Right off the bat, I knew this was not going to be an in-depth resource. The book weighs in and a light 120 pages, though the title does say “getting started” so I least they were upfront about it. That said, I did find the book useful and feel it was a good intro text for people unfamiliar with UDK.
Getting Started with UDK by John P. Doran explains how to create a simple tower defense type game using the Epic UDK (Unreal Development Kit). UDK is a free version of the popular Unreal Engine 3, and is targeted toward indie developers. Though the software itself can be downloaded for free, there are various rules in the license as to how content created with the engine can be used. For example, there is a revenue sharing model if you make over a certain amount. Even so, it’s still a great piece of software and certainly a good deal at this price (who can beat free?).
Anyway, this book has only 4 chapters that take you through creating a game. It started with using CSG (constructive solid geometry) to block out a simple level. We use the editor to add various items to the map, like spawn-points for the enemies. Then it moves onto using Kismet, the built-in visual programming language, to add logic to the game. In this part we create some rules, for example, deducting life when the enemies reach the base. We also create some towers that shoot missiles at the enemies. Next we build a GUI and HUD using Flash and Scaleform, and finally cook and package the game for distribution.
I have been meaning to learn more about UDK for a while now, both for work and for my own personal benefit. Mainly, though, since I am working on my own engine I want to make sure I have a firm understanding of what’s out there so I know how to improve upon it. UDK seems very powerful, and it’s fun to play around with an engine that comes with a ton of AAA assets from the start. Working with the engine certainly gives me some ideas, and shows me some things that could be innovated on. I will certainly want to learn more, as I feel this book barely scratches the surface.
However, there were some parts I did not like. Namely, in the first section on Kismet the author skips a crucial step (connecting one node to another). Without this step, the code does not work all (but doesn’t produce any errors either) and the reader is left to wonder if they made a mistake. Thankfully the images in the book show the correct setup, so if you look closely you can figure this out. Even so, this seems like a huge oversight and it’s really sad when authors make careless mistakes like this. Maybe even worse is that almost none of the Kismet logic is explained at all. In the later part of the book there is one part where you are setting up Kismet code for maybe 30 minutes straight, following steps in the book, but without any sort of guidance or explanation. You do eventually get something that works, but with little knowledge of what you are doing in the process. Granted, much of it is self explanatory, but it really should be explained in some fashion.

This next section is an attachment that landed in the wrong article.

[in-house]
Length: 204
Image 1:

All in all, this is not a horrible introductory text. If you are already familiar with UDK, you can probably skip this book, but for new-comers this may be an approachable resource. I still don’t feel like I understand even a fraction of the engine, but I do feel at least a bit more confident in moving to a more in-depth book. In addition, the Kindle e-book was a cheap $9.99, so I can’t complain on the price. For the most part, the formatting was good and the images were decent quality, in-color, and zoomable. On the downside, some of the Actionscript code was a little difficult to read due to the word-wrap, but this is a problem across-the-board with programming e-books. Anyway, for $10 this is a great bang-for-your-buck, even at the rather brief 120 pages. I did end up with a functional game at the end, and that counts for a lot.